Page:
According to the present invention, because the magnetic paths can be formed between the first and second stator magnetic poles formed on the same circumference, it is possible that the stator core and the rotor core can be made of magnetic steel sheets which are laminated. This structure can decrease the manufacturing cost. Further, because this structure can increase magnetic flux density, it is possible to increase the characteristics of the switched reluctance motor

BRIEF DESCRIPTION OF THE DRAWINGS

A preferred, non-limiting embodiment of the present invention will be described by way of example with reference to the accompanying drawings, in which:

FIG. 1 is a schematic cross section of a switched reluctance motor in its axial direction according to the first embodiment of the present invention;

FIG. 2 is a schematic cross section of the switched reluctance motor in its radial direction taken along A-A alternate long and short dash line in FIG. 1;

FIG. 3 is a schematic cross section of the switched reluctance motor 5 in its radial direction taken along alternate long and short dash line B-B of FIG. 1;

FIG. 4 is a schematic development elevation of stator magnetic poles in the switched reluctance motor in its circumferential direction shown in FIG. 1;

FIG. 5 is a schematic cross section of the switched reluctance motor in its axial direction as a modification according to the first embodiment of the present invention;

FIG. 6 is a schematic cross section of the switched reluctance motor in its radial direction taken along alternate long and short dash line C-C of FIG. 5;

FIG. 7 is a schematic cross section of the switched reluctance motor in its radial direction taken along alternate long and short dash line D-D of FIG. 5;

FIG. 8 is a schematic cross section of a switched reluctance motor in its axial direction according to the second embodiment of the present invention;

FIG. 9 is a schematic cross section of the switched reluctance motor in its radial direction taken along alternate long and short dash line E-E of FIG. 8;

FIG. 10 is a schematic cross section of the switched reluctance motor in its radial direction taken along alternate long and short dash line F-F of FIG. 8;

FIG. 11 is a schematic cross section of the switched reluctance motor in its radial direction taken along alternate long and short dash line G-G of FIG.8;

FIG. 12 is a schematic development elevation of stator magnetic poles in the switched reluctance motor toward its circumferential direction shown in FIG. 6 to FIG. 11;

FIG. 13 is a schematic development elevation of the switched reluctance motor in its circumferential direction as a modification of FIG. 12;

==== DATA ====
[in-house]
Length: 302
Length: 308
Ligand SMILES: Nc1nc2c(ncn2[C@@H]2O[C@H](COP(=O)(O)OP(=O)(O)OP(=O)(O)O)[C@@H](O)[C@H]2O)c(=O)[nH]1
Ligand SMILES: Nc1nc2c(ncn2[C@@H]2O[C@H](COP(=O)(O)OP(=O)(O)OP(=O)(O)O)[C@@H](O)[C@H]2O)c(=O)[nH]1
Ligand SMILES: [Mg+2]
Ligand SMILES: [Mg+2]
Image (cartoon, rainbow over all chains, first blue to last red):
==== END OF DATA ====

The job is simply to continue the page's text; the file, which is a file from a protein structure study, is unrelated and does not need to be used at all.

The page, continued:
FIG. 14 is a schematic cross section of the switched reluctance motor in its axial direction as a modification of FIG. 8;

FIG. 15 is a schematic cross section of a switched reluctance motor in its axial direction according to the third embodiment of the present invention;

FIG. 16 is a schematic cross section of the switched reluctance motor in its radial direction taken along alternate long and short dash line H-H of FIG. 15;

FIG. 17 is a schematic cross section of the switched reluctance motor in its radial direction taken along alternate long and short dash line I-I of FIG. 18;

FIG. 18 is a schematic cross section of the switched reluctance motor in its radial direction taken along alternate long and short dash line J-J of FIG. 15;

FIG. 19 is a schematic cross section of the switched reluctance motor in its radial direction taken along alternate long and short dash line K-K of FIG. 15;

FIG. 20 is a schematic cross section of the switched reluctance motor in its radial direction taken along alternate long and short dash line L-L of FIG. 15;

FIG. 21 is a schematic development elevation of stator magnetic poles in the switched reluctance motor toward its circumferential direction shown in FIG. 15;

FIG. 22 is a schematic cross section of a switched reluctance motor in its axial direction according to the fourth embodiment of the present invention;

FIG. 23 is a schematic cross section of the switched reluctance motor in its radial direction taken along alternate long and short dash line M-M of FIG. 22;

FIG. 24 is a schematic cross section of the switched reluctance motor in its radial direction taken along alternate long and short dash line N-N of FIG. 22;

FIG. 25 is a schematic development elevation of stator magnetic poles in the switched reluctance motor toward its circumferential direction shown in FIG. 22;

FIG. 26 is a vertical cross section of a conventional three-phase switched reluctance motor in its axial direction; and